Only Universal Insurance Can Save the ERs
The terrible choices that doctors, nurses and patients must make when 44 million Americans lack health insurance are not just the stuff of prime-time drama. Though television programs like "ER" and "Law & Order: Special Victims Unit" explore these stories weekly, the suffering of those without coverage does not end when the closing credits roll. Real doctors in emergency rooms face tough decisions daily about the uninsured.
Eight out of 10 uninsured Americans are from working families. They're teachers, farmers and small-business owners; 8.5 million are children. Most of the uninsured work but earn only modest incomes. They earn too much to qualify for public programs but too little to purchase private health insurance. Most are caught in an economic bind that, to put it simply, is very unfair.
This crisis is growing worse. According to a survey of emergency physicians released by the Robert Wood Johnson Foundation and prepared for "Cover the Uninsured Week," these doctors see the system as being on the brink of disaster. A clear majority believe that the single most important thing we can do to improve healthcare is to make sure every man, woman and child has health insurance. Why?
The rising number of uninsured Americans who use emergency rooms as their primary source of care threatens to overwhelm emergency departments. The problem is virtually the same everywhere-here in Los Angeles as well as in other U.S. communities, in urban, suburban and rural hospitals.
According to the surveyed ER physicians, the 44 million uninsured are less healthy than the insured and die younger. And the Institute of Medicine agrees, estimating that 18,000 people die each year because they lack coverage.
Those uninsured individuals fortunate enough not to expire before their time tend to be sicker and have more serious medical conditions than patients with health coverage. A staggering 94% of emergency physicians say it is "more difficult arranging or securing follow-up care for an uninsured patient with a serious problem than for a patient with health coverage."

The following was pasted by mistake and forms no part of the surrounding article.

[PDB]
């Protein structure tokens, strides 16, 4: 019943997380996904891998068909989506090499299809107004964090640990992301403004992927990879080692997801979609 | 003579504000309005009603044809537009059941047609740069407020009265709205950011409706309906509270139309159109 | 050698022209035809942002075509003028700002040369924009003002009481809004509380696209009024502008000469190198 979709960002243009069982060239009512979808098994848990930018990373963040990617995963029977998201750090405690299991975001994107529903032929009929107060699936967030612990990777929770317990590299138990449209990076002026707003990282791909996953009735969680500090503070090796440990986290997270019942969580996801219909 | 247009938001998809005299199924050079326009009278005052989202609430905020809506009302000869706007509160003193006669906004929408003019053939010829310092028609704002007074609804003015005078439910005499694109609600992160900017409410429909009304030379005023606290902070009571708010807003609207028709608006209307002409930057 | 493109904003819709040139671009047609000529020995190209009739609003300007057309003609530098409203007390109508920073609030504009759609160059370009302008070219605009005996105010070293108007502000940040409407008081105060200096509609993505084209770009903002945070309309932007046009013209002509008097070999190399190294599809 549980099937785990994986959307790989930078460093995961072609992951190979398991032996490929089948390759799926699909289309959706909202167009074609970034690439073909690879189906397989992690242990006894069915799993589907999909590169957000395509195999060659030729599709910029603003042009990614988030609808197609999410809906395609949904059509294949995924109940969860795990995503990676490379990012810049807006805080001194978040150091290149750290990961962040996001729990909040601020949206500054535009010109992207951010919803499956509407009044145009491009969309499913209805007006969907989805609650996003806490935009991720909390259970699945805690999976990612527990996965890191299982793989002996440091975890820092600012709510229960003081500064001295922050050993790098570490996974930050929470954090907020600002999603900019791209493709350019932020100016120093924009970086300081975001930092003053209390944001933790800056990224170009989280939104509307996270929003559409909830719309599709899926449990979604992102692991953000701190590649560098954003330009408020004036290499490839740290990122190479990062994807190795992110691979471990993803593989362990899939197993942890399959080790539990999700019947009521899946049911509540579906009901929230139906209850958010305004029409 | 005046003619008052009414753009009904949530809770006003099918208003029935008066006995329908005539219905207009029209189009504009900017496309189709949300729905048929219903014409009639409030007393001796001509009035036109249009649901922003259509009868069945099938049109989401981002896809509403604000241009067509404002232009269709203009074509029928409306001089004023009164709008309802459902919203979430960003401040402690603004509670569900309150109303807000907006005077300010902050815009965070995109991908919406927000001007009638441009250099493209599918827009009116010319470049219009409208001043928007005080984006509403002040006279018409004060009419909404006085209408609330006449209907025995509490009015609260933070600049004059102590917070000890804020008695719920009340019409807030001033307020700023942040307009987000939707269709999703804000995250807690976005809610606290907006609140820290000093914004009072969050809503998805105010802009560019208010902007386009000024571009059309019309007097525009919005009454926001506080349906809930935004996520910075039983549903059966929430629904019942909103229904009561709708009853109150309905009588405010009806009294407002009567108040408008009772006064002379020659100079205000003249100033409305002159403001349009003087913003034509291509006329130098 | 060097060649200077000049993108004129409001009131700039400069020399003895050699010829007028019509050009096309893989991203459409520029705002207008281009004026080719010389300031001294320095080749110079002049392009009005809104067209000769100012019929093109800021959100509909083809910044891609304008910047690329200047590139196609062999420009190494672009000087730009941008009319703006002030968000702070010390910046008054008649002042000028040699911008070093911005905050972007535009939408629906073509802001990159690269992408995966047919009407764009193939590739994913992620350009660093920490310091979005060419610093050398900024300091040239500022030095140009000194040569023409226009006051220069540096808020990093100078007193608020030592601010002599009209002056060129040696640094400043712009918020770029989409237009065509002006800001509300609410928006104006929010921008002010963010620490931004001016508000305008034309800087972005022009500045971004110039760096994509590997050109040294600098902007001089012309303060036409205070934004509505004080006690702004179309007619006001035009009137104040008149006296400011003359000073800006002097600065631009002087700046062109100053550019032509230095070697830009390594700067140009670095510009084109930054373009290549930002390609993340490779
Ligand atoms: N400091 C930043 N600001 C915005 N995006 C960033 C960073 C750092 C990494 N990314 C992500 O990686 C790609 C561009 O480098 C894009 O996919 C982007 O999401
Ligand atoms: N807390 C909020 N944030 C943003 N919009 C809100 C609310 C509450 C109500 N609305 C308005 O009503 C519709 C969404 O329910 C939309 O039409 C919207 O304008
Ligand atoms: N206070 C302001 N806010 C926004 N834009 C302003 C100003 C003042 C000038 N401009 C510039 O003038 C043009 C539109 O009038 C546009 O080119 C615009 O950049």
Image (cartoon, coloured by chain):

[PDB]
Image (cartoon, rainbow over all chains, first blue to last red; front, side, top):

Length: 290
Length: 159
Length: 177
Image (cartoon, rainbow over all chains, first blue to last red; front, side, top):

The effects of this crisis on those with true medical emergencies are very clear. One need look no further than the interminable waiting lines in ERs or the shortage of ER staff that have become the norm.
Although there is a moral imperative to secure health insurance for every American-and we are not advocating one solution over another-there is also a practical and self-interested reason to do so. The quality of emergency care declines for everyone when the ER is packed with non-urgent cases and emergencies that could have been prevented with health insurance.
Almost half of emergency physicians report that their hospitals' urgent-care departments are stretched beyond capacity on weekdays; the problem grows worse on weekends.
Emergency physicians are trained to determine on the spot what's an emergency and what's not, and they believe we have little time left to avoid a healthcare calamity. Over the years, we have learned much from our nation's emergency doctors, and we take their advice very seriously. We proudly join them in calling for healthcare coverage for all. It is the right thing for everyone.
Neal Baer MD is executive producer of "Law & Order: Special Victims Unit"; Noah Wyle, star of "ER," is national spokesperson for "Cover the Uninsured Week."